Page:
I get that researchers always want more money, but people have to take those desires with a grain of salt. Just because researchers want more taxpayer money, doesn’t mean that it is really needed. From the New York Times:
. . . President Obama has included $10 million for gun-related research in his 2014 budget, the first federal financing for the topic in years, and the panel’s chairman, Alan I. Leshner, said the report was a first step to deepen evidence about the public health implications of guns. The panel was assembled by the Institute of Medicine and the National Research Council at President Obama’s request.
“Policies are made on the basis of facts and values, and we are the facts people,” said Mr. Leshner, who is the chief executive of the American Association for the Advancement of Science. “We are trying to provide a tool for the country to address this very difficult issue more productively than it has been able to do in the past.”
Among the panel’s recommendations was a call for better data on guns. For example, there is no national count of how many guns there are in the country. And while federal law enforcement authorities, like the Bureau of Alcohol, Tobacco, Firearms and Explosives, gather data on specific guns, they track only those used in crimes, and often the details are not accessible to researchers. One database, the National Violent Death Reporting System, which compiles information on deaths from police departments and medical examiners’ offices, covers only about a third of the states. . . .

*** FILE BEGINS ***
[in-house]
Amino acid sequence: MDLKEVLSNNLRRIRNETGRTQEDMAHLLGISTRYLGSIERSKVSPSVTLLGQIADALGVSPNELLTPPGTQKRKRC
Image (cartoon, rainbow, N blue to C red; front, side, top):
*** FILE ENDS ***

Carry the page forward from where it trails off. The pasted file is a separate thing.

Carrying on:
The problem is also that creating this data isn’t bias free. The people who create it could have a political agenda and the concern is that the Obama administration could use political criteria on who they decide to give the money too. The lopsided bias in terms of how this report was put together shows why we shouldn’t trust the Obama administration to look at these issues objectively.
A copy of the report is available here. Here is what the study writes on concealed carry research:
Even when defensive use of guns is effective in averting death or injury for the gun user in cases of crime, it is still possible that keeping a gun in the home or carrying a gun in public—concealed or open carry— may have a different net effect on the rate of injury. For example, if gun ownership raises the risk of suicide, homicide, or the use of weapons by those who invade the homes of gun owners this could cancel or outweigh the beneficial effects of defensive gun use (Kellermann et al., 1992, 1993, 1995). Although some early studies were published that relate to this issue, they were not conclusive, and this is a sufficiently important question that it merits additional, careful exploration. . . . .
Seriously? They act as if no research has been done on these questions since 1995, and I wouldn’t even count Kellermann’s research as providing serious research. His research did a poor job of looking at the risks of guns in the home. Yet, they make a claim that more research is needed in this area without even acknowledging all the research that has already been done.